Neorealist and Neo-Marxist Approaches to Globalization

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Phuong tran – university of sheffield | Critically compare the neorealist and neo-Marxist approaches to globalization. Which approach is most useful in your view? |

Neo-realism
According to Jackson and Sorensen (2003), the leading contemporary neorealist thinker is undoubtedly Kenneth Waltz (1979). His starting point is taken from some elements of classical and neoclassical, such as independent state existing and performing in an anarchical international system. Waltz’s Theory of international Politics (1979) seeks to provide a scientific explanation of the international political system. A scientific theory of international relations leads us to expect the certain pattern that states to behave in predictable ways. In Waltz’s view the
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International change takes place when great powers rise and fall and followed by the shift in the balance of power (Jackson and Sorensen, 2003).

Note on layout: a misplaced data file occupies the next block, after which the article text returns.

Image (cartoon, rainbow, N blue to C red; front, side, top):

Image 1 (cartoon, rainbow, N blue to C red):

The international system is a self-help system; states are obliged to look after themselves, because there is no one else to look after them. Waltz does not assume that states are pursuing the increase in their power and the importance of them between others states, necessarily aggressive body, but he does believe that they desire to preserve themselves. This means that they are obliged to be considered with their security, national defence and obliged to regard other states as potential threats (Brown, 2001).
Waltz believes that bipolar systems provide more stability and thus provide a better guarantee of security and peace than multipolar systems. ‘With only two great powers, both can be expected to behave in a way to prolong the system’ (Waltz, 1979). That is because in maintaining the system they are maintaining themselves. According to that view, the Cold War was a period of international stability and peace. (Jackson and Sorensen, 2003)
Neo-Marxism
The writings of Karl Marx (1818-83), according to Mingst (1999), are fundamental to the Marxist school of thought, even though he did not directly state all the issues that are today encompassed by Marxism. The theory of Marx on the evolution of capitalism based on economic change and class conflict: the capitalism of nineteenth century

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